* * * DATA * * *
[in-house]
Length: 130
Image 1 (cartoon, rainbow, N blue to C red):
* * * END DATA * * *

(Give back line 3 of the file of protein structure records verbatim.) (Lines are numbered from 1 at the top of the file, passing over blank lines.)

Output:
Image 1 (cartoon, rainbow, N blue to C red):